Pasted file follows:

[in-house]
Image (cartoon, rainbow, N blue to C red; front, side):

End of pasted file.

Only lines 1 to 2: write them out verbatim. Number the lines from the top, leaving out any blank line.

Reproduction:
[in-house]
Image (cartoon, rainbow, N blue to C red; front, side):